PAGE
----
As the holiday shopping season gains momentum, those looking to swindle online shoppers get creative in their attempts to lure victims. I consulted with Scambook (www.scambook.com), an online complaint resolution website, about the top scams from last holiday season – they’re likely to appear again either in the same form or with slight variations – and what consumers can do to avoid falling prey.
Last season, many Scambook users received a text claiming that they’d won a $1,000 Best Buygift card – I received a text like this myself. The text directed recipients to go to a webpage (most commonly BestBuyContest.com and BestBuyWin.net) and enter a code. Those lured to the website (not affiliated with Best Buy) were asked to provide personal information, including name, address, email address, phone number and date of birth.
Snopes.com, a website dedicated to debunking online rumors, reports that scams of similar construction date back to 2011 offering gift card “prizes” from a variety of retailers, including Costco, Walmart, and Starbucks. To avoid falling for this one, don’t provide your personal information or credit card information in the hopes of securing free stuff, and don’t follow links that appear in an unsolicited text, email or social media post.
In an attempt to take advantage of consumers looking to snag a great Black Friday deal, Scambook reports that scammers set up fake “leaked ads” sites to mine personal information from users, in many cases offering “downloadable coupons.” Downloading these fake coupons results in malware and virus infection. If you’re looking to get a head start on your Black Friday shopping plan, Brad’s Black Friday by Brad’s Deals (http://blackfriday.bradsdeals.com) offers full color images of ads from major retailers well in advance of Thanksgiving Day without viruses or malware.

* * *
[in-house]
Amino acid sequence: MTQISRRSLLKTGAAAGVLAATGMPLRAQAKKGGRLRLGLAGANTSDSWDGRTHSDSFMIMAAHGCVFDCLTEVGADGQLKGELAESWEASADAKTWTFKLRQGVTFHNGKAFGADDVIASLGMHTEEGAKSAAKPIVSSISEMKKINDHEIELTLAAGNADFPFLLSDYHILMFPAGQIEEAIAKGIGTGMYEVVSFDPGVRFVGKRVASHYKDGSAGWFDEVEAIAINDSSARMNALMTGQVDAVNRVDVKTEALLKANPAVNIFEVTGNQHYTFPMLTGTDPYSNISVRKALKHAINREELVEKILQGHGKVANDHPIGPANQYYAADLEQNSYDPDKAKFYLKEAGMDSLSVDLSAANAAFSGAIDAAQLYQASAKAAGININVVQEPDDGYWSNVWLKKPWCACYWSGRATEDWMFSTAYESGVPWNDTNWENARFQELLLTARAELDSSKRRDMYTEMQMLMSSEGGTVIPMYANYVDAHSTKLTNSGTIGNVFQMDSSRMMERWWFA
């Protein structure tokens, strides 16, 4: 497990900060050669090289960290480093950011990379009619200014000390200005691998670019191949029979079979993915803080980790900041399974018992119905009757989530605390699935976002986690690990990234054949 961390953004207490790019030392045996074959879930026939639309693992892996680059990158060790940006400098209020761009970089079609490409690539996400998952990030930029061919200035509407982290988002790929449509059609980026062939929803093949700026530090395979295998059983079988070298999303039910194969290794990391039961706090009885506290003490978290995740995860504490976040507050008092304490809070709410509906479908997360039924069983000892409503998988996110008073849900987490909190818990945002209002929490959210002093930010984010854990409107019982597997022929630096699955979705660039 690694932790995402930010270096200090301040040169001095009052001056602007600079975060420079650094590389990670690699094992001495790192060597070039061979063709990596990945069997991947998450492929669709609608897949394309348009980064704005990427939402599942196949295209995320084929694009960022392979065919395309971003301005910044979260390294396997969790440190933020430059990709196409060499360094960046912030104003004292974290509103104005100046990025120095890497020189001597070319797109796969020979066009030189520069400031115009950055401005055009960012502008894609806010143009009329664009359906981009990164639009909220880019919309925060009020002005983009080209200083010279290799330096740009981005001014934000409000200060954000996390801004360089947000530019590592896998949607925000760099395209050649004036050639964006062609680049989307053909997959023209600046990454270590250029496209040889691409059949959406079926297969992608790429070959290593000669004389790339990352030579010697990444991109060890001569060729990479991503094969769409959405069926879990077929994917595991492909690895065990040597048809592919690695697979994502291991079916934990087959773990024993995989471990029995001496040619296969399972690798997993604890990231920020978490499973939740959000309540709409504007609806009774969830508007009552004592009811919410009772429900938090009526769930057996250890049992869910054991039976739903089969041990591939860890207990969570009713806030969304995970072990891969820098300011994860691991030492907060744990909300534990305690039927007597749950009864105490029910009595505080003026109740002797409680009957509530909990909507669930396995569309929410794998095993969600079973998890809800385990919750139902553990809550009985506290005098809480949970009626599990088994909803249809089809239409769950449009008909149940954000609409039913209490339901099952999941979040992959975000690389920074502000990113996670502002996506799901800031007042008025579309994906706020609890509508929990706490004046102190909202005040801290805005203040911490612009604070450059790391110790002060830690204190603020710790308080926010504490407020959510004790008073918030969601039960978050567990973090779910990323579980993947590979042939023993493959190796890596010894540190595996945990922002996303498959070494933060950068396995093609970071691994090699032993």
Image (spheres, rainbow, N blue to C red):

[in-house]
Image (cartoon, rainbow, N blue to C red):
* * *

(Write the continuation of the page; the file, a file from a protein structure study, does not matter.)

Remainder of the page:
According to Scambook, scammers also use virus-embedded videos and eCards sent from a fake Twitter account or through phishing emails in order to infect unsuspecting users with malware. This tactic becomes popular during the holiday season since people are likely to view videos and open eCards that they believe carry holiday greetings from friends or family. Hover your mouse cursor over URL links to see the true destination address that you will be directed to upon clicking and don’t click if you don’t recognize the site. Stick to reputable sites like YouTube, Hallmark or BlueMountain for videos and eCards.
Scambook also reminds holiday shoppers that Google results can include dummy websites created to lure online shoppers with too-good-to-be-true deals in order to collect personal information and credit card numbers. The developers of these fake sites can use search engine optimization techniques to push their site up in the results for terms like “Best Buy Black Friday 2013 deals.”
- Shop with a pre-paid debit card to avoid providing potentially risky sites with your credit card number or personal information.
- Shop trusted sites like Amazon, Target.com or Zulilly.com. Don’t follow links received through text, email or social media.
- Be wary of a deal that seems too-good-to-be-true, particularly if it’s for a hot item like an Xbox One, PS4, Apple mobile device, or anything that is sold out at reputable retailers.
- Diversify your passwords: using the same password to create an account with a phishing website as you use for your online banking could compromise more than your credit card number.